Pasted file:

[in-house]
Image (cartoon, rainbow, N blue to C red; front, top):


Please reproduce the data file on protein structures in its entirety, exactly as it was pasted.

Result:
[in-house]
Image (cartoon, rainbow, N blue to C red; front, top):